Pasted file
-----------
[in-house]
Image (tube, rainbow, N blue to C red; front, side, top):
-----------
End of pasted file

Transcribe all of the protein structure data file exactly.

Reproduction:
[in-house]
Image (tube, rainbow, N blue to C red; front, side, top):